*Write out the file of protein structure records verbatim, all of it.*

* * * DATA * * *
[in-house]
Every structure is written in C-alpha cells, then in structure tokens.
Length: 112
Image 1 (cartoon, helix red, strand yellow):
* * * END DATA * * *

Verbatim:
[in-house]
Every structure is written in C-alpha cells, then in structure tokens.
Length: 112
Image 1 (cartoon, helix red, strand yellow):